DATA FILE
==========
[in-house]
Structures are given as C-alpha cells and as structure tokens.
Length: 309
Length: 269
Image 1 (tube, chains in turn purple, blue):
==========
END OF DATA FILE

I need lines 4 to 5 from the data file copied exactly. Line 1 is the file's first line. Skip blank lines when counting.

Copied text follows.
Length: 269
Image 1 (tube, chains in turn purple, blue):